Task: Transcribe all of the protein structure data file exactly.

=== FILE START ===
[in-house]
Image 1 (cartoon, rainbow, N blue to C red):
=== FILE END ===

[in-house]
Image 1 (cartoon, rainbow, N blue to C red):